The fourth in the superb Planet of the Apes series of films picks up a few years after Zira and Cornelius gave birth to their talking baby ape in Escape From The Planet of the Apes.
The year is now 1990 and, as Zira and Cornelius foretold before their assassination, a plague has killed all cats and dogs on earth and apes have been domesticated as pets and – when found to have a superior intelligence – put to work as janitors, waiters and menial labourers.
These slave apes are “conditioned” to obey human masters – “Go!” “No!” “Do!” – and are punished via further “conditioning” when they fail in their tasks or simply don’t perform fast enough.
Having been raised by kindly circus owner Armando (Ricardo Montalban), the young talking chimpanzee, Caesar (Roddy McDowall), now sets about leading his fellow apes in revolt against the humans who have enslaved them.
Governor Breck (Don Murray) is aware of Armando’s connection to Cornelius and Zira and suspects that Caesar may be the slain couple’s son, long believed dead. He buys Caesar at a slave auction.
Hiding the fact that he can speak, Caesar begins to covertly organise a resistance movement among the apes until his identity is discovered. MacDonald (Hari Rhodes), a black government official sympathetic to the apes’ plight, helps Caesar escape.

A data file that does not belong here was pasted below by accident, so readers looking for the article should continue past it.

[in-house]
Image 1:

Led by Caesar, the apes soon gain control of the city and apprehend Breck and his staff.
Caesar vows revenge on the humans but ultimately chooses to show mercy on his former captors – “We who are not human can afford to be humane”. History, he observes, is on the side of the apes.
Conquest Of The Planet Of The Apes was made for just $1.7 million and earned $4.5 million in its original release. At just 88 minutes, Conquest is a short, fast and brutal film, but it is also one of the most effective and direct science fiction movies of the era.
Screenwriter Paul Dehn, in his third stint as the chronicler of the apes’ story, provides excellent orientation for newcomers to the series with expository sections that are both clear and gracefully worked into the new material.
Most of the film was shot in Los Angeles at Century City and the futuristic-looking campus of the University of California at Irvine. Century City, a commercial/office complex in Beverly Hills, still looks much the same as it did in 1972, and sharp-eyed viewers will have no problem finding the backdrops used for several skirmishes between apes and soldiers.
In keeping with the films’ themes of prejudice and class warfare, the riot scenes were modelled after the actual race riots that occurred in Watts, California, in 1965.
J Lee Thompson